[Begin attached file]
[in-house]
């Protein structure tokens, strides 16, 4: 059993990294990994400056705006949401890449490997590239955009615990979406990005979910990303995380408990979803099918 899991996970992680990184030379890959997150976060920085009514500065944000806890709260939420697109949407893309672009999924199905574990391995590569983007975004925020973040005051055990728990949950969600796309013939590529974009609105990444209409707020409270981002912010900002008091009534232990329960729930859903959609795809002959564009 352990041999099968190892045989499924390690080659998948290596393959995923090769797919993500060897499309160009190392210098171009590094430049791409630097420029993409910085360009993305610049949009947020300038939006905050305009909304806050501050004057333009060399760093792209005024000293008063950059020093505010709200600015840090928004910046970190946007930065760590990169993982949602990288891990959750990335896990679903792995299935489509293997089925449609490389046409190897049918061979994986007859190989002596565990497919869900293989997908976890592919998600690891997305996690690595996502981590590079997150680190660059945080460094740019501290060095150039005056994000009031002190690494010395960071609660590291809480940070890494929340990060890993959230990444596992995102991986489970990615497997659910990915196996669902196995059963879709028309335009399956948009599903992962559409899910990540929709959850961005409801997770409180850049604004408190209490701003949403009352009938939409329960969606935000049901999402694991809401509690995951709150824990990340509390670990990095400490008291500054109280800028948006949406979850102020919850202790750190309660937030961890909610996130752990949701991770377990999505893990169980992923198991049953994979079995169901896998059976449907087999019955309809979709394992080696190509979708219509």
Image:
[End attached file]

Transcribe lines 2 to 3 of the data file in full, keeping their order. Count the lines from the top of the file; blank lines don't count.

């Protein structure tokens, strides 16, 4: 059993990294990994400056705006949401890449490997590239955009615990979406990005979910990303995380408990979803099918 899991996970992680990184030379890959997150976060920085009514500065944000806890709260939420697109949407893309672009999924199905574990391995590569983007975004925020973040005051055990728990949950969600796309013939590529974009609105990444209409707020409270981002912010900002008091009534232990329960729930859903959609795809002959564009 352990041999099968190892045989499924390690080659998948290596393959995923090769797919993500060897499309160009190392210098171009590094430049791409630097420029993409910085360009993305610049949009947020300038939006905050305009909304806050501050004057333009060399760093792209005024000293008063950059020093505010709200600015840090928004910046970190946007930065760590990169993982949602990288891990959750990335896990679903792995299935489509293997089925449609490389046409190897049918061979994986007859190989002596565990497919869900293989997908976890592919998600690891997305996690690595996502981590590079997150680190660059945080460094740019501290060095150039005056994000009031002190690494010395960071609660590291809480940070890494929340990060890993959230990444596992995102991986489970990615497997659910990915196996669902196995059963879709028309335009399956948009599903992962559409899910990540929709959850961005409801997770409180850049604004408190209490701003949403009352009938939409329960969606935000049901999402694991809401509690995951709150824990990340509390670990990095400490008291500054109280800028948006949406979850102020919850202790750190309660937030961890909610996130752990949701991770377990999505893990169980992923198991049953994979079995169901896998059976449907087999019955309809979709394992080696190509979708219509």
Image: